Benign Paroxysmal Positional Vertigo or BPPV

(Vertigo caused by free floating particles in the inner ear organ of balance or vestibule)

The vestibular system located in and around the ear controls our body’s sense of balance. When your head moves, the vestibular system sends information to the organs inside the ear, and these organs then pass the information on to the brain.

Symptoms of BPPV

Benign paroxysmal positional vertigo (BPPV) results from calcium carbonate (CACO3) particles that move freely within fluid in the canals of the inner ear. (They are not supposed to circulate freely, but are supposed to stay in one position on the hairs lining the walls of the canals). CACO3 crystals sometimes break away from the walls of the canals and circulate in the fluid. When this situation occurs, a change in the head position i.e lying down, getting up, turning over in bed may cause the crystals that are freely floating to brush up against the hairs on the wall lining giving false messages as to the position of the head. The vertigo associated with BPPV comes on suddenly and usually only lasts for seconds to minutes. There are usually no hearing loss symptoms.

More detailed information on BPPV

Viral Labyrinthitis (Viral infection of the inner ear) and

Vestibular Neuronitis (Disruption of vestibular input to the brain)

The brain and the inner ear communicate information via nerves. The cochlear nerve carries information about noise and hearing; the vestibular nerve carries information about balance and body position. Viruses can affect either or both nerves and the symptoms will vary according to which nerve has been affected.

Inner Ear Diseases
Inner Ear Diseases

Viral Labyrinthitis is a sudden disruption of the messages to the brain from within the inner ear as a result of a sudden viral infection. As a result of this virus, you may experience severe vertigo that usually comes on suddenly and can last from days to weeks, depending on the length of time the body builds up anti-bodies to the virus. There are no other symptoms related to the ear.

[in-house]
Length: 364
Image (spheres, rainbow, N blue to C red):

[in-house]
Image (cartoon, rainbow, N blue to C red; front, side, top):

Symptoms of Viral Labyrinthitis

• Vertigo Lasts days to weeks
• May have hearing changes

Vestibular Neuronitis

Vestibular neuronitis is an inflammation of the vestibular nerve that causes a disruption of the message sent by the vestibular nerve to the brain. The first attack of vertigo is usually severe, and is associated with nausea and vomiting, lasting days to weeks. People with vestibular neuronitis do not have hearing loss or tinnitus.

Symptoms of Vestibular Neuronitis

• Vertigo Lasts days to weeks
• No hearing changes

Possible Treatments for Either Cause

It is important for people suffering from such symptoms to be examined and diagnosed by an ENT (Ear Nose Throat) specialist since other conditions, such as stroke can present with similar symptoms. There are several medications that your physician may recommend if they feel that the vertigo associated with the vestibular neuronitis or viral labyrinthitis requires treatment. These include anti-vertigo agents, antihistamines, sedatives and or anti-nausea agents.

There are some other things that you can do to help alleviate the symptoms. Bed rest is recommended for the first 2 to 3 days from the initial onset of your symptoms. If your vertigo symptoms last more than a few days, staying active may be more helpful.

There are also some exercises that your doctor may suggest once the vertigo has subsided.